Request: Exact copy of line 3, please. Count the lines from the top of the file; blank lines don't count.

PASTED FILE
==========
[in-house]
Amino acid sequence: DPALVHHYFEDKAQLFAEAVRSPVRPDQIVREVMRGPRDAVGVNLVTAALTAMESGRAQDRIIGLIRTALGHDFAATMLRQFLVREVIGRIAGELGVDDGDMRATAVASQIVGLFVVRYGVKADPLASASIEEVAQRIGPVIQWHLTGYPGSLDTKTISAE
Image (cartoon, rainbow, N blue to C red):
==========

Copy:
Image (cartoon, rainbow, N blue to C red):